This sprawling three-bedroom at the exclusive Sutton Place co-op The Campanile may have a private location, incredible East River views, and old-world details such as wall-to-wall pine wood paneling, working fireplaces, and tons of built-ins, but it was its longtime resident who encited a bidding war. Mansion Global reports that Greta Garbo’s longtime home (she lived there from 1954 until her death in 1990) has sold for $8.5 million, 43 percent higher than the $5.95 million it listed for back in March. The late actress’ great-nephew Craig Reisfield said the buyers have “a reverence for my great aunt” and added that he anticipates them being “great stewards” of the home that’s very much intact from Garbo’s days.
450 East 52nd Street
Occupying the full fourth floor of the Campanile building at 450 East 52nd Street amid the understated old Manhattan elegance of Beekman Place on the East River, this renovated 3,000-square-foot three-bedroom home offers stunning river views from every room. The stately co-op building was the Mayfair Yacht Club until 1933 and later home to Greta Garbo, Rex Harrison, H.J. Heinz, Mary Martin and the Rothschilds among others. The apartment’s rich original details have been impeccably maintained, while every modern luxury has been painstakingly added.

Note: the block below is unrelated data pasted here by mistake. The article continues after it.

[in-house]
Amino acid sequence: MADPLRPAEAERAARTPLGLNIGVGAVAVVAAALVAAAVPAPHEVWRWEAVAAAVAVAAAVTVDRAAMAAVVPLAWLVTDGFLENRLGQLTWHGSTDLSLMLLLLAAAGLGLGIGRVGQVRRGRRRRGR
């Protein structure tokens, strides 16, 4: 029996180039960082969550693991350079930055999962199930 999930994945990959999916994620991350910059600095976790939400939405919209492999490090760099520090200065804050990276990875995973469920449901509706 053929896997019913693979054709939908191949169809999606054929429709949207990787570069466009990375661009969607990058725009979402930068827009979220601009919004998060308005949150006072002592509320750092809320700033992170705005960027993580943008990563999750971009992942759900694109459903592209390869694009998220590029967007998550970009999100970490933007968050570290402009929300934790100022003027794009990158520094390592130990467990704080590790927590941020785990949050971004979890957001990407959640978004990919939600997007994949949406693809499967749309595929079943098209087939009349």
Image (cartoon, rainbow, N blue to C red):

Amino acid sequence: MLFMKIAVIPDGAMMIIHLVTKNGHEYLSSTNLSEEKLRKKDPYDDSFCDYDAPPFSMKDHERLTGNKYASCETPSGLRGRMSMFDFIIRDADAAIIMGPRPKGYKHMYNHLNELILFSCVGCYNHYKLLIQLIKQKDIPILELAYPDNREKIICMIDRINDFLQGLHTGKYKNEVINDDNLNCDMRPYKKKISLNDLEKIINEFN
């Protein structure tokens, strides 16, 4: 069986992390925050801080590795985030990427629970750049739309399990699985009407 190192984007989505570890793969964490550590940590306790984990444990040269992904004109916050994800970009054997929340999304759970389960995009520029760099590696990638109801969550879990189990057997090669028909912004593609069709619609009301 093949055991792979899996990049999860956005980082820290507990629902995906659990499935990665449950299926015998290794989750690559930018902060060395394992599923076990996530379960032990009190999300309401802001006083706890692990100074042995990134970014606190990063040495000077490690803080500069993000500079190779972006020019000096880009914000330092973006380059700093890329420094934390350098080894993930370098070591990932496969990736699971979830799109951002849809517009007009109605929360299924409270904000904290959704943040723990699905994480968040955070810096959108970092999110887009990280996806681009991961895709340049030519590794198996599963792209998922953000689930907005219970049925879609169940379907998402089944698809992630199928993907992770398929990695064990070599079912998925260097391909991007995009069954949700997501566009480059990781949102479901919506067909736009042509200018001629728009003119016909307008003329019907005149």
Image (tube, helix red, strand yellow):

For the first time in decades, an apartment in The Campanile, an exclusive co-op building in the Beekman/Sutton Place neighborhood, is for sale. As the New York Times reports, the sprawling fifth-floor home belonged to Greta Garbo, the late Hollywood screen icon, and hit the market this week at an asking price of $5.95 million, in an all-cash offer. Garbo bought 2,855-square-foot, three-bedroom residence in 1953 and lived there until her death in 1990, enjoying its private location and the fact that it was “very reminiscent of where she grew up in Stockholm — close to the water and with lots of sunlight,” said her great-nephew Derek Reisfield. But with the apartment now largely vacant, her family has decided to sell.